1. The “Final Solution” was legal according to German Law at the time.

                “Rights” are not always baked into the law; but Romans 13 implies the only correct lawbreaking is if they try to stop us spreading the Gospel. After all, killing us just sends us to Heaven faster.

                1. > “The “Final Solution” was legal according to German Law at the time.”

                  What does that have to do with what I said? I’m discussing the right of self-defense, not the law.

                  > “Romans 13 implies the only correct lawbreaking is if they try to stop us spreading the Gospel. After all, killing us just sends us to Heaven faster.”

                  I guess you’ve forgotten I’m an atheist? An argument like that is dead on arrival with me.

                  1. It’s not up to me to convert anyone. I’m just expressing how/why I think like I do. This is America and you’re free to believe/disbelieve anything.

                2. “Rights” are not always baked into the law; but Romans 13 implies the only correct lawbreaking is if they try to stop us spreading the Gospel.

                  How do you figure?

                  It reads from my view, and is commonly interpreted, to say that governments have authority only in as far as they are just– and if they fail in that, then they are damning themselves.

                  It took a very long time to build up situations to where there was a practical option.

                    1. No, but you’ve made it clear you’ll no true scotsman out of anything you don’t agree with, and there’s an entire field of theology that makes the point better than I can, so not really worth the time to rehash after hitting the comment wall.

                    2. I’ll just point out that yes, killing someone is stopping them preaching. It’s still killing someone.
                      I’ll also point out the instructions given the apostles for a certain tpe and place, as a very revolutionary religion is not the same as instructions given to victims of a civil persecution.
                      Setnaffa, for the love of BOB don’t be Ghandi who said the Jews should have walked into the ovens to “defeat Hitler” — that’s not how it works. Enabling evil for evil’s sake is morally repulsive.

                    3. I seem to be grossly misunderstood. Please forgive me for trying one last time to unmuddy the water. I am not trying to convert anyone, just clear up my previous lack of eloquence.

                      Obviously, the Apostles were different than “normal” Christians. And yet, what do we do with Matthew 10:28? What should we fear? What should we obey?

                      All authority comes from Christ, according to the Bible (Matthew 28:18-20). Including evil illegitimi like Putin, Xi, and so many others. How they use/misuse that authority is on them. Christians (as indicated in Romans) are supposed to submit to it, except as regards being Christians and evangelizing (as previously noted, commanded by Christ).

                      Peter, it is true, walked out of jail. However, it should be noted than an angel from God woke him from sleep, unchained him, opened the doors, and kept the guards from noticing–including those to whom he was chained… Not a standard prison break by any measure. And later, it is said, he was crucified upside down, so it was a very specific event for a very specific purpose, at a very specific time.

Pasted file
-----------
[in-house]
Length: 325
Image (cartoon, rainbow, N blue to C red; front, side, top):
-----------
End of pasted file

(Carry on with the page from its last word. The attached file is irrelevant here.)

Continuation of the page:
Herod, by the way, had possibly a worse death, which I will not describe here.

                      We need to approach civil disobedience conscientiously, through our religious beliefs, to be sure. I do not understand conflating what I said with any Gandhi quotes about Jews and Nazis, tho. I am not advocating fatalism, or violence either. Read Psalm 91. If we believe God will protect us, the forever part of us, then a bit of discomfort may be okay—as long as it is for the right cause. But how to proceed? 2 Timothy 3:16-17 is interesting.

                      Christians are not all pacifists or “Quakers” (and along those lines read about Desmond Doss). Each is supposed to read the Bible, pray, and behave accordingly. Not all have the same skills, talents, gifts, or capacity for action. There were many who followed Jesus during the three year ministry. But he chose 12 to be closer. Similarly, not everyone is chosen to be a martyr; and I do not believe it is God’s will for us to provoke a government official into murdering us. But we cannot be silent for the time is short, at least for some in our potential audience.

                      Dear readers, you don’t need to believe what I do; but please remember every earth suit has an expiration date; and you might want to consider what comes next before that date arrives for you.

  20. This morning a young friend did the “We can’t abandon education. It’s this bad because we abandoned it, and the left loves a vacuum.” I hadn’t had coffee yet, and I about put my head through my desk. (This is very bad.)

    Ugh, yeah, the “you didn’t win so you must have not fought” thing.


    1. Well, I do see it as a “we failed to fight” scenario. It’s not that we abandoned anything, but that most of us didn’t realize that there was a war on.

      If we’d had the kind of knowledge and pushback we’ve got right now back in the 80s, or the 90s when I first went to college, or even 15 years ago when I went to grad school, we might be okay by now. But by the time a large enough proportion of us realized that this was an existential war, our kind had been pushed out and marginalized, and the institutions had belonged to the enemy for decades already. And now here we are.

      1. Not having accurate information on the enemy — because you have been betrayed– is not failure to fight.

        As one of the kids who did push back, mostly by believing what they claimed to be promoting was sincere, as a grade school student, I very much dislike the “you didn’t fight” nonsense.